Menu

10 ways husbands can show their pregnant wives extra love

Pregnancy means...it’s time to go the extra mile for your fabulous wife.

10 ways husbands can show their pregnant wives extra love

1. Give her a massage. ?


Guys, her back hurts. A lot! Don't wait for her to ask—offer her a massage on your own. It doesn't have to be spa-worthy, just a loving, relaxing rubdown.

Bonus points if you use lotion or oil.

3. Surprise her with treats. ?

No, we don't mean diamonds and pearls. We mean whip up a batch of brownies after dinner or come home with a pint of Ben & Jerry's.

Win-win for everyone.

8. Tie or put on her shoes. ?

Seriously, offer to do this. It's really considerate and it actually is hard for her to do. (Yes, she will happily take you up on it!)

2. Go grocery shopping. ?

“I'll go to the store." Pregnant women's hearts around the world flutter each time they hear these five magic words.

Grocery shopping can be tiresome and sometimes hard to fit into your day. Take this chore off your baby mama's hands once in a while (or always) to help relieve some stress.

(Other magical five-word combos: “Let me cook dinner tonight," “I can fold the laundry," “I'll research that baby product"—you catch our drift.)

6. Show affection. ?

We're going to let you in on a little secret of the motherhood—when we're pregnant, we don't always feel super sexy and attractive. Crazy, right?

So touch your wife, hug her, cuddle her, kiss her and tell her she's beautiful. She appreciates it. Even during her mood swings.

Pregnancy is truly awesome in every sense of the word. But let's face it—it's also emotional, overwhelming and exhausting. This is not to say your partner doesn't have to make any sacrifices. It's just that the impacts are a little, er, different.

We put together a list of ways your husband can show you some extra lovin' + make life a little easier on you. Share it with him + expect good things.

10. Give reassurance and positivity. ?

Thinking about physically giving birth can be very scary for your wife. Engage fully in conversations about a birth plan and reassure your wife when she has doubts about it later.

Lend an ear when she needs to vent about her worries and fears. Be positive and supportive. Remind her that she's strong and powerful—be her rock.


Join Motherly

5. Turn down plans.

Decline an invitation or remind your wife not to feel guilty for saying no to something that she doesn't feel up for. During the journey of pregnancy, your preggo pal is not going to be able to do everything she wants to or feels obligated to do.

You could also attend something on behalf of the team and let your wife off the hook.

4. Plan a babymoon. ?

Come up with a few different options and price ranges for a trip to take before the baby arrives (and before your wife gets too uncomfortable to travel), and present them to your beautiful baby mama to see which option she'd enjoy most.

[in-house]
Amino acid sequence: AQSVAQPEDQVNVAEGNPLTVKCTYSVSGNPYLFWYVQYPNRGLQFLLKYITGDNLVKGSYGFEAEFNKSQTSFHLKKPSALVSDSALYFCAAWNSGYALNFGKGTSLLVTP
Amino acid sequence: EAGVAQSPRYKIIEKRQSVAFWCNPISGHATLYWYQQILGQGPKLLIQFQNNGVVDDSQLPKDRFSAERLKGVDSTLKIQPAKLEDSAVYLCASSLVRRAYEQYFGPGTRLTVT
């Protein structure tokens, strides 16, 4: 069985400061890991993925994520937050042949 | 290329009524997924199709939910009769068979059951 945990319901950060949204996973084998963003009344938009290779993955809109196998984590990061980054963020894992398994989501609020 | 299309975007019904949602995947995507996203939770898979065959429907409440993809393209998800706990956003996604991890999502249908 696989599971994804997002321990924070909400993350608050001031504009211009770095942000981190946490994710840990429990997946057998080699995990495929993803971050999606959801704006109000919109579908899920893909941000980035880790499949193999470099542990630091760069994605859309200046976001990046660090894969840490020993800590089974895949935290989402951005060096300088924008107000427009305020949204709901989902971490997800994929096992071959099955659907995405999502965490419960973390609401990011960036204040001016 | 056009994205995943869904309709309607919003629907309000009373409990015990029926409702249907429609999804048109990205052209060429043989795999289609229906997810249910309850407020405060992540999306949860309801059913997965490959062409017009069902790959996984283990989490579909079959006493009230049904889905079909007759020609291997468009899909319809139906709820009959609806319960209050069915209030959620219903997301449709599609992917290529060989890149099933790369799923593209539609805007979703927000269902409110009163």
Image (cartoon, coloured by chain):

7. Attend appointments. ?

Try to get to as many doctor or midwife appointments as you can. This will help you both feel like a team and ensure your wife doesn't feel alone in this. Plus you'll be clued in on all the wonders happening with her body and your growing baby!

9. Give her a pedicure. ?

Again—this doesn't have to be spa-worthy. At all. But simply offering to paint her toenails can go a long, long way. Especially when she's getting close to her due date and want to feel extra special for the big day. It's nearly impossible for her to reach down to her toes (comfortably, at least!), so your offer will be much appreciated.

Think of all the husband points you'll get when your honey gets to brag to her friends about her sweet and thoughtful partner.

After 4 kids, this is still the best baby gear item I’ve ever purchased

I wouldn't be swooning over the BABYBJÖRN bouncer after eight years and four kids if it didn't work.

I have four kids 8 and under, so you might expect that my house is teeming with baby gear and kid toys.

But it turns out that for me, the more kids I have, the more I simplify our stuff. At this point, I'm down to the absolute essentials, the gear that I can't live without and the toys my kids actually play with. And so when a mama-to-be asks me what things are worth registering for, there are only a few must-haves on my list.

The BABYBJÖRN bouncer seat is on the top of my list—totally worth it and an absolute must-have for any new mama.

In fact, since I first splurged on my first BABYBJÖRN bouncer eight years ago (it definitely felt like a splurge at the time, but the five star reviews were really compelling), the bouncer seat has become the most-used product in our house for baby's first year.

We've actually invested in a second one so that we didn't have to keep moving ours from the bedroom to the living room when we change locations.

BABYBJÖRN bouncer bliss

baby bjorn bouncer

The utility of the seat might seem counterintuitive—it has no mechanical parts, so your baby is instead gently bounced by her own movements. In a world where many baby products are touted for their ability to mechanically rock baby to sleep, I get that many moms might not find the "no-motion" bouncer that compelling. But it turns out that the seat is quite reactive to baby's little kicks, and it has helped my kids to learn how to self-soothe.